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World War II Friday, 3 September, 1999, 07:07 GMT 08:07 UK
Hitler's address to the Reichstag
Hitler hoped to conquer the whole of Europe
At dawn on 1 September, German troops invaded Poland, unleashing Blitzkrieg or 'lightning war' on the world for the first time.

The day the war began
The Nazi invasion of Poland was entirely unprovoked and the German dictator, Adolf Hitler, gave no ultimatum or declaration of war to the Polish government.

Instead the Nazi leader simply issued a proclamation to the army saying that Poland had refused the "peaceful settlement" desired by him, but which in reality he had never worked for.

Later that morning the German High Command issued the order: "Soldiers of the German Army - after all other means have failed - weapons must decide."

Hitler addressed the German Parliament, the Reichstag, later that day.

Here are some extracts from his speech which have been translated from the original German.

For months we have been suffering under the torture of a problem which the Versailles 'Diktat' created. A problem which has deteriorated until it has become intolerable for us.

Danzig was and is a German city . The [Polish] Corridor was and is German. Danzig was separated from us. The corridor was annexed by Poland. As in other German territories [outside Germany] the east German minorities have been ill-treated in the most distressing manner... I attempted to bring about, by making proposals for revisions, an alteration in this intolerable position.

It is a lie when the outside world says that we only tried to carry our revisions through by pressure. I have, not once but several times, made proposals for the revision of intolerable conditions.

All these proposals have been rejected... In the same way I have also tried to solve the problem of Danzig, the Corridor etc... by proposing peaceful discussion... I then formulated at last the German proposals, and I must repeat that there is nothing more modest and loyal than these proposals.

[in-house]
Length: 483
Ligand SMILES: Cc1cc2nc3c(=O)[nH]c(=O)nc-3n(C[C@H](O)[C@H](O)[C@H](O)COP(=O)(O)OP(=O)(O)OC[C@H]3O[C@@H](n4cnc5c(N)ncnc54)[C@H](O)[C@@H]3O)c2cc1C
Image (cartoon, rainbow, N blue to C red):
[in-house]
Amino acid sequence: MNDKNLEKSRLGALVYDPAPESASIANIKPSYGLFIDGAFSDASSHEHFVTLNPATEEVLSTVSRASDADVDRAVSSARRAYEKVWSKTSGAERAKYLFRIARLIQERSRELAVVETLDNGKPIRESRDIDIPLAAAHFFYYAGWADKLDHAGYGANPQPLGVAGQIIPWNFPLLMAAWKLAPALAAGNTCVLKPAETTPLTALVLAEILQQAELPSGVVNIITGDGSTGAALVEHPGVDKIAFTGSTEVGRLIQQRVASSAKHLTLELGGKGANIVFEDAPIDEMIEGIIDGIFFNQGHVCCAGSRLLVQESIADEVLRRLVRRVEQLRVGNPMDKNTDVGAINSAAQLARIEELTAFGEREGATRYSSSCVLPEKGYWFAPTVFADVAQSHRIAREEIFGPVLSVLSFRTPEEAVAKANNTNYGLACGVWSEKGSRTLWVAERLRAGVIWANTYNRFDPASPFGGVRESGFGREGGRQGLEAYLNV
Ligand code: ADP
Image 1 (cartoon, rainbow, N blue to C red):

These answers have been refused. Not only were they answered first with mobilisation, but with increased terror against our German compatriots and with a slow strangling of the Free City of Danzig - economically, politically, and in recent weeks by military and transport means.

I made one more final effort to accept a proposal for mediation on the part of the British Government. They proposed, not that they themselves should carry on the negotiations, but rather that Poland and Germany should come into direct contact and once more pursue negotiations.

I accepted this proposal and worked out a basis for those negotiations which are known to you. For two whole days I sat with my government and waited to see if it was convenient for the Polish Government to send a plenipotentiary or not. Last night they did not send us a plenipotentiary, but instead informed us through their ambassador that they were still considering whether and to what extent they were in a position to go into the British proposals...

If the German Government and its leader patiently endured such treatment Germany would deserve only to disappear from the political stage. I therefore, decided late last night, and informed the British Government that, in these circumstances I can no longer find any willingness on the part of the Polish Government to conduct serious negotiations with us...

When statesmen in the West declare that this affects their interests, I can only regret such a declaration. We ask nothing of these Western states and will never ask anything. I have declared that the frontier between France and Germany is a final one. I have repeatedly offered friendship and the closest co-operation to Britain, but this cannot be offered from one side only...

I will not make war against women and children. I have ordered my airforce to restrict itself to attacks on military objectives. If, however, the enemy thinks he can from that draw 'carte blanche' on his side to fight by other methods he will receive an answer that will deprive him of hearing and sight.

Hitler: "Germany can no longer stand idly by" [in German]
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